Many of our essays get at this question of systems and food. Faron Levesque writes about what we now call food justice, a concept that has received meaningful scholarly attention in our century, but one that names a feature of food systems that goes back at least to the Gilded Age and Jim Crow. Lisa Haushofer shows us the links between extract-based nutrition and imperial ambitions. Alex Orquiza connects colonial assumptions about who had “cuisine” with which people’s cooking show up more prominently in the American restaurant scene today.

As so many of our colleagues and mentors have shown, food is political in history too, not just now. It’s hard enough to make the point to a lot of foodies today that food is political always, everywhere, and is never just about food. But then add on that that’s also been the case throughout history, and it becomes even more difficult for a lot of folks to hold onto. The always-political, always-contested nature of food systems isn’t a new phenomenon that people have stumbled upon in the 21st century. The stories in this collection point out that decisions about food and farming have always been decisions about how to structure the world. We should talk about how people choose to structure the world more often when we tell stories about food, not just which new product tastes great or how quickly someone can deliver it to us.

The always-political, always-contested nature of food systems isn’t a new phenomenon that people have stumbled upon in the 21st century.

ZKW: You all worked on this book during the summer of 2020 when the pandemic laid bare a number of problems in our current food systems, labor, and operations. What are your greatest concerns as the globe tries to regroup and recover from the past year?

The Authors: As we write in the Epilogue, so many of the predicted consequences of the food system came to pass in the Covid-19 pandemic. Though scientists still debate the origins of this virus, its nature as a zoonotic disease — one that moves from non-human animal populations into human ones — points to how unsustainable the animal agriculture system truly is. The ways in which we have confined and concentrated animals to provide us cheap meat create and spread devastating diseases. And, of course, those who labor in the food system — on agricultural fields, in meatpacking plants, in food processing factories, as grocery store employees, or as food delivery workers — feel the negative effects of that system most acutely. In contrast, the ways that so many wealthy Americans quickly pivoted to ordering their groceries and restaurant take-out meals for delivery, or spending their newfound “leisure time” baking sourdough bread or growing herbs, further highlight the deep inequalities in American society.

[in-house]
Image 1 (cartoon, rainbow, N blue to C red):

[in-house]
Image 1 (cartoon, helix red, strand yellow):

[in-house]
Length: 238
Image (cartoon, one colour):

The fissures in our food supply chains that were clear early in the pandemic perhaps opened space to make some of these dramatic disparities visible, to make privileged Americans more aware of the behind-the-scenes labor that makes our abundant food supply available, safe, and cheap. But we fear that those discoveries have been buried once more, leaving the divide even more entrenched. The outpouring of support for doctors and other healthcare workers has been important and well-deserved. But you don’t see as many signs around for the front-line workers who also sustain our lives in dangerous, and far more poorly compensated, ways.

Some of this might reflect our cure-things approach to healthcare: We appreciate doctors and vaccine companies because they solve problems. But that idea of creating, or allowing, major problems and then making money by solving them aligns with the rushed, exploitative, modern approach we discuss in the book. What if, instead, we could prevent those problems to begin with? The modern food system has, like modern medicine, solved some incredible problems. And obviously many threats to human health predate both modern food and modern medicine. But some of those problems are features of a modern system dating, again, to the decades well before the mid-20th century. Understanding food in its historical context allows us to think about prevention rather than merely reactions.

ZKW: How did you determine which stories and moments in food history you wanted to highlight in the book? Can you talk a bit about the significance of some of those histories? Were there any stories that for whatever reason didn’t make the cut but you wish were included?

The Authors: We began with a vision of bringing together a wide range of stories that focused on the period between the 1870s and the 1930s. We solicited proposals from historians doing two things: one, working at the intersection of food and environment and, two, seeking to work as writers for audiences beyond academic confines. As the essays took shape, we considered how to organize these varied stories into a series of themes that cohered. In order to help readers connect the dots, we developed the categories of “time and space,” “trust,” and “science” as the three parts of the book. There are lots of other ways these stories could have been organized, but these three themes emphasize some of the broad trends of the period.